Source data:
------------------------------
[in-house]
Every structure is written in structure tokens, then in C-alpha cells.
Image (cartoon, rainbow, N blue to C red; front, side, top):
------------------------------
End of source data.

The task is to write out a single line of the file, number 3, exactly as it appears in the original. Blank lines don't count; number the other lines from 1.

Image (cartoon, rainbow, N blue to C red; front, side, top):